Adolph Rupp's Wildcats will b
seeing the scalps of the Miami Red- skins when they make their 1941 de- but at 8:15 p.m. Saturday In Alumni gym.
The Kittens will meet a Fort
Kncx team In a preliminary game
scheduled to start at 6:30.
Rupp's cagers have been in training for seven weeks, and the outfit
has developed Into a good passin?
and shooting team that looks a.s
if it will make a big impression
in the conference race.
NINE RETl'RN
Nine lettermen returned to tlie
squad that lest only three men Iy- Huber. Fuzzy Farnsley. and Hoot.
Combs. Of the men returning. Jim
King, center, was
as was Marvin Akers. guard. Akers
was chosen
ani
was given
honorable
mention.
Akers. however, injurea his ankl
In practice last week, and Rupp will
not use him unless it is absolutely
necessary. Rupp himself was a casualty when he fell from a chair and
injured his back Wednesday. However, he attended the practice session Thursday.
Miami has a clever basketball
team and Rupp dues not consider
them a breather. In a practice gam"
earlier the Redskins held the powerful Xavier team to a
score.
2
The Redskins defeated Transylvania
last night at Oxford.
FORWARDS
Waller White and Milt Ticco win
start at forward. White, a senior,
has been a consistent performer
Is the often- . while Ticco. a junior.
.54-3-

f

UNION TO OPEN

HOBBY SHOW
DECEMBER 15
Students, Faculty
Are Eligible
For Cash Prize

J

i

good.

j

see action are Ermal Allen, football

Other Wildcat players expected tn
i

WAA Will Meet

Balogh
To Plav At Musicale Sunday
J
er

Erno Balogh,
from New York, will appear at the
third afternoon musicale at 4 o'clock Sunday in Memorial hall. The
program will include two original
compositions, and selections from
Gluck, Haydn. Brahms. Chopin.
Liszt, Schubert, and J. Strauss-Ko-vaspianist-compose-

star. Lloyd Ramsey, starting
ward last year, and Jim King.
FIRST-TIMER-

Born in Budapest. Balogh studied

under his father until he was seven,
then entered the Royal Conserva-

for- -

S

Men donning Wildcat cage uni- Iorms Ior tne Ilrst tlme are Brute
Boenler- - Bud Robertson.
Adrian
BacBill Smith. Ed Lander, and
Vince Splane.
lhe irVlces of
-

I.J,dc"Uh,C8t

center was taken to Good Samaritan hospital Monday for an appendectomy. He was reported resting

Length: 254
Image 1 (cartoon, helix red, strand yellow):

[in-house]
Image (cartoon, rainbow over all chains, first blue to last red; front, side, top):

weU.

Miami won ten games last year
and dropped seven. Five lettermen
returned to this year's Redslin edition. Outstanding performers on the
squad are Jim Uram. center. Wayne
Clappand Ra'ph Palaia. guards, and
AnHv Vnnnvirh

fnr

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three are juniors, and Uram

e

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BALOGH

Will be .".'.
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fr.i- -

To Beauty Queen

V

.

48-4-

Barbara Rehm Is
Second Attendant
:

.

is

senior.
t WW
The Redskin squad is coached by
Walter "Rip" Van Winkle. Advaiwe
notices say that there are no phenomenal scorers on the Miami cl'ih
but that it is a well balanced team.
LAST SEASON
Last season the Wildcats won 14
games and lost six. They were defeated 5 by Indiana in the Sugar Bowl and were runners up to
Tennessee
in the Southeastern
tournament at Louisville.
Kentucky will meet Ohio Staf
Columbus on December 6.
The probable .starting lineups:
Kentucky
Tlcro
whit
Brewer
Stukrr .
England

s.

tory of Music. When he was 12 he
became the pupil of the composer
Bela Bartok. and five years later
was graduated from the conservatory. Upon graduation he received
the Franz Liszt prize and the Prize
of the City of Budapest.
After the World War he studied
with Lenid Kreutzer in Berlin, and
FROM THE LITTLE ACORN
in 1924 he was engaged by Fritz
o .lljilm Delia I'i, national sot ial sorily irhiili was uiilitiletl on the ttuajius this lull, Kreisler to accompany the violinist
on his American tour. Balogh then
are shown abort-- lint I; row. standing, (left to right) Betty Dawson, ( '.eorgntniie Marnier,
Mt Dearutan . liantes iiiliiiis, Betty ('alltiher. Mary Olive Davis, I irguiia Hieetluig. Setoml row. became a citizen of the United
States. He has appeared as soloist
seated. 11
MtCnllry. Htiberta I'yles. Carolyn S finer ; Betty Mt Chin, il,, in . I! n I h an Earnest , with leading symphony orchestras
Betty Inn I awler, fineilnne Clawt tn k. The lour girls in the fureijronntl me llt ll to riht) Mar- in this
and ha-- eivpn recit(' my. Xotinn Hose.
gate! Htihbei. Maignerile Williams,
als from coast to coast.

,,

guaros wm oe tan staKer.
leader of the Cats, and Ken England,
who replaces the a!ng Akers. England has improved rapidly this season, and. when Akers returns to the
wars, will be a threat to Staker's
starting berth.
Mel Brewer, junior center. wHl be
at the pivot spot. A
Hoosier. Brewer has looked particu-- I
larlv potent in practice sessions and
may hold down the starting Job for

ine